Before and After

fish drawing in progress 2

koi detail the group

Sorting through the photo records of my pictures, I found these before and after details of one of the big koi drawings.  It’s nice to gaze backwards sometimes.  I feel like I did something.


A nice kind of rut to be in

two paintings side by side

I pulled a big old canvas out of the closet and set it on top of the bookshelves with the koi, putting it on my “to do” list to finish.  And standing back, it begins to look a lot like the koi theme in a different form.  I started the painting of the winter mountain before I began painting koi.  It’s based on a rather famous photograph (don’t tell anyone), and I have worried about the question of copy-right.  I’d love to compare it now with its original, but as so often happens, I don’t know where the source photo vanished to. 

How odd, though, to be indebted to an anonymous photographer for an image that so neatly anticipates my koi obsession.  But it doesn’t end there.

two pictures side by side 2

It imitates the forms of another picture, too — one “unrelated” to the koi.  In the collage of the child asleep in dreams, a stream defies gravity by rising up like a mountain — and of course, the mountain rises up like a mountain too.  These different forms sprawl in much the same ways.

Looking into one’s mind reveals weird metaphors.  Even in stealing, I only take my own obsessions back from the hands of others.  And somehow in my occasional housekeeping, I manage to unearth these things at apt moments when the mixed metaphors can meet each other in daylight.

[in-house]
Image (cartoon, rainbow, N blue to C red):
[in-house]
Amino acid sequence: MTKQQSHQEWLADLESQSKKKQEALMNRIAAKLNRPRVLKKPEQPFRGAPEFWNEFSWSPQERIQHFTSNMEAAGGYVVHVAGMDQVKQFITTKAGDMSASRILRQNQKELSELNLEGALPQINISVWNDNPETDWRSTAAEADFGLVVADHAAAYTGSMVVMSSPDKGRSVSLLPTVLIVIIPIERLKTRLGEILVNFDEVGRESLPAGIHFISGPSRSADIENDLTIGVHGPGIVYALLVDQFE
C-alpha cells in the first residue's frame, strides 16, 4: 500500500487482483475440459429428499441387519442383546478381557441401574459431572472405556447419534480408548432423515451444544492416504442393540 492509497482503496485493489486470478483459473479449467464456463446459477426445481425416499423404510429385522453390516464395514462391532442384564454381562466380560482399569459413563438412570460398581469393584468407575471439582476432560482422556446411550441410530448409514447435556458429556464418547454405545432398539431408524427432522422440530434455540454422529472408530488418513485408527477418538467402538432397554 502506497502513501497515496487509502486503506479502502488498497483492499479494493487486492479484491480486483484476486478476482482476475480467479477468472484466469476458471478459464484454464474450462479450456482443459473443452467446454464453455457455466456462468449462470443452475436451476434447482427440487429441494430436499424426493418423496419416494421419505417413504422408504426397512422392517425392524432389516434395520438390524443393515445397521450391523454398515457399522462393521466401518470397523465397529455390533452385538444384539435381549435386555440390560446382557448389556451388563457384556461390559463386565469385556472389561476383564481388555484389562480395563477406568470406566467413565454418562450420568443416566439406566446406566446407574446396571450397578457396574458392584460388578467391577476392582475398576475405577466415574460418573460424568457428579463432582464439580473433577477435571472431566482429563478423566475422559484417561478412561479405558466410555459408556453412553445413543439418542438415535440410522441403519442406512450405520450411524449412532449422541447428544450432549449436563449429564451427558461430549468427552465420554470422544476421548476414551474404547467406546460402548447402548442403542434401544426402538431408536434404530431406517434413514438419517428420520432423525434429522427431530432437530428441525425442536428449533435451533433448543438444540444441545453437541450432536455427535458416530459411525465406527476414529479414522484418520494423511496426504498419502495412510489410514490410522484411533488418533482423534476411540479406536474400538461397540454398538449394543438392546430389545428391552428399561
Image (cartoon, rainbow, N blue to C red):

I have a well etched fissure in my brain somewhere, drawn by neurons firing.  I’m guessing that under closer inspection, it probably looks a bit like one of these pictures!

My office is the floor

Working on the floor is fun

On her blog poet Gabrielle Bryden posted some photos of her office which has inspired me to post one of mine.  While it’s true that my “office” is really a studio with all the cumbersome stuff that artists need, I still enjoy fantasizing about being able to work from a very simple space.  I figure that if I were whittled down to the barest essentials, I could still manage fairly well if I simply had a floor.  Being a kid at heart, such an arrangement does not seem a sacrifice — more of an ambition as yet unreached.

A cup of coffee, a few pencils, a notebook, a floor, a planet with gravity and light — occasionally a chocolate yogurt — and I’m set!

Alas, all I really lack is a window view of kangaroos!

view out the window

However, at my DC studio I do have some very nice clouds.


flower sketch one

My days have been so hectic of late, but today was a welcome contrast.  What  a lovely, quiet day of hours spent idling and lolling about.  The autumn air was unseasonably warm.   Had coffee in the kitchen beside the golden light of our little lamp.  Lazy tropical thoughts in my head.  After a bit, I took my coffee to the big window.  Had my notebook in my lap.  View of the trees beside me, leaves of changing colors, kind breezes coming through the open window, comforting humidity.  I had a long talk on the phone with my mom, and while we talked I sketched some flowers in the notebook. 

I love my notebook!  Spent long, lazy minutes doodling with it in my lap, talking with my mom, traveling back through time.